On Monday, superagent Scott Boras was advertising Matt Holliday as the greatest thing since sliced bread — or at least since Mark Teixeira.
On Tuesday, it's Johnny Damon whose amazingness defies description.
"Not that I've been thinking about this, but players who can get on the field every day and score 100 runs, how many guys do that?" Boras told told the New York Daily News. "Johnny just plays, and he's got the body type that allows him to do that."
It's hard to argue with that point, as Red Sox and Yankees fans can attest. Damon's spent the bulk of his career jumping into walls and diving on his shoulder (and throwing like a Little Leaguer), yet he's averaged 149 games per year. Mike Timlin once sketched Damon's body outline on the bullpen wall after Damon threw himself into it the night before. A high-speed collision with Damian Jackson couldn't keep him off the field.
The man is durable. So much so that Boras thinks that even the man's DNA should net him some cash.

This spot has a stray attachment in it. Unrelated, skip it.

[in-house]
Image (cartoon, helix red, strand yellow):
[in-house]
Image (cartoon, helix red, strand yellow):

"If stem-cell research were around, you'd want to tap into that gene pool," Boras said "He's , but has a 30-year-old's body. He plays much younger."
He played a bit younger on Monday in Game 3 of the ALCS, as he homered in the fifth inning to give the Yankees a 3-0 lead over the Angels. He was later replaced in left field by Jerry Hairston Jr. due to Damon's lack of arm strength.
That didn't stop Boras from comparing Damon to one of the most dynamic players to ever put on a pair of spikes.
"Look at how many times Rickey Henderson scored 100 runs after he turned 35," Boras said.
As the Daily News points out, Henderson did so twice. But he also played until he was 44 years old. And he was Rickey Henderson.
Still, Boras' praise ended with a near guarantee that Mr. Damon will one day have his face on a plaque in Cooperstown — just as long as someone gives him a contract.
"Basically he's got four years to [reach 3,000 hits]," Boras said. "You get to 3,000 hits with a [World Series] ring on your finger, and you pretty much get the red carpet."
Damon won't talk about his future until his season with the Yankees is over, but that won't stop Boras — the man who interrupted the clinching game of the 2007 World Series to shift the attention to Alex Rodriguez's decision to opt out of his contract. It just how Boras operates, and if his main goal was generating attention, it's hard to argue that it doesn't work.
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